5

I have this test program, using a #define constant:

#include <stdio.h>

#define FOO 1

int main()
{
    printf("%d\n", FOO);

    return 0;
}

When compiled with “Apple LLVM version 10.0.0 (clang-1000.11.45.5)”, I get an executable of 8432 bytes. Here is the assembly listing:

    .section    __TEXT,__text,regular,pure_instructions
    .build_version macos, 10, 14
    .globl  _main                   ## -- Begin function main
    .p2align    4, 0x90
_main:                                  ## @main
    .cfi_startproc
## %bb.0:
    pushq   %rbp
    .cfi_def_cfa_offset 16
    .cfi_offset %rbp, -16
    movq    %rsp, %rbp
    .cfi_def_cfa_register %rbp
    subq    $16, %rsp
    leaq    L_.str(%rip), %rdi
    movl    $1, %esi
    movl    $0, -4(%rbp)
    movb    $0, %al
    callq   _printf
    xorl    %esi, %esi
    movl    %eax, -8(%rbp)          ## 4-byte Spill
    movl    %esi, %eax
    addq    $16, %rsp
    popq    %rbp
    retq
    .cfi_endproc
                                        ## -- End function
    .section    __TEXT,__cstring,cstring_literals
L_.str:                                 ## @.str
    .asciz  "%d\n"


.subsections_via_symbols

Now I replace #define FOO 1 with const int FOO = 1;. The executable is now 8464 bytes and the assembly listing looks like this:

.section    __TEXT,__text,regular,pure_instructions
    .build_version macos, 10, 14
    .globl  _main                   ## -- Begin function main
    .p2align    4, 0x90
_main:                                  ## @main
    .cfi_startproc
## %bb.0:
    pushq   %rbp
    .cfi_def_cfa_offset 16
    .cfi_offset %rbp, -16
    movq    %rsp, %rbp
    .cfi_def_cfa_register %rbp
    subq    $16, %rsp
    leaq    L_.str(%rip), %rdi
    movl    $1, %esi
    movl    $0, -4(%rbp)
    movb    $0, %al
    callq   _printf
    xorl    %esi, %esi
    movl    %eax, -8(%rbp)          ## 4-byte Spill
    movl    %esi, %eax
    addq    $16, %rsp
    popq    %rbp
    retq
    .cfi_endproc
                                        ## -- End function
    .section    __TEXT,__const
    .globl  _FOO                    ## @FOO
    .p2align    2
_FOO:
    .long   1                       ## 0x1

    .section    __TEXT,__cstring,cstring_literals
L_.str:                                 ## @.str
    .asciz  "%d\n"


.subsections_via_symbols

So it actually declared a FOO variable, making the executable 32 bytes bigger. I get the same result with -O3 optimization level.

Why is that? Normally, the compiler should be intelligent enough to optimize and add the constant to the symbol table instead of taking up storage for it.

1
  • 5
    You're using clang, not gcc...
    – Shawn
    Jan 18, 2019 at 14:15

2 Answers 2

15

This is another case where the difference between C and C++ matters.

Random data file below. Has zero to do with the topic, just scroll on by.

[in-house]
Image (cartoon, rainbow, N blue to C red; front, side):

In C, const int FOO has external linkage and must thus be included in the binary.

Compiling with g++ or clang++ instead gives you the desired optimization as FOO has internal linkage in C++.

You can achieve the optimization in C mode by explicitly requesting internal linkage for FOO via

static const int FOO = 1;

Both clang and gcc with link-time optimization enabled (-flto) also manage to strip away the unused symbol, even when linkage is external. (Live with and without LTO.)

3

The fact that you use the variable FOO in your second program means that it has to live somewhere, so the compiler needs to allocate it somewhere.

In the #define case, there is no variable - the pre-processor substituted the text "FOO" with the text "1" an so the call to printf() was passed a constant value, not a variable.

3
  • 1
    @Deduplicator - not quite sure what you are getting at. "foo" defined in OP's test.c needs to be defined, b/c the compiler has no idea if that test.o will be linked against some source.c which will access "foo". While the compiler was smart enough to replace the variable with a constant in the call to printf (at least that what I think its doing with "movl $1, %esi") - the linker is not analyzing all your code again to determine that a particular variable is unused. Jan 18, 2019 at 16:25
  • 1
    "the linker is not analyzing all your code again to determine that a particular variable is unused." It is if you tell it to.
    – Baum mit Augen
    Jan 18, 2019 at 16:28
  • "It is if you tell it to" - I just saw that. As that was added to 2009 - way after I moved from the C world - I was unaware. That said, the object file (and the assembly) generated is always going to have that symbol defined b/c that is the input to the linker. Jan 18, 2019 at 16:34

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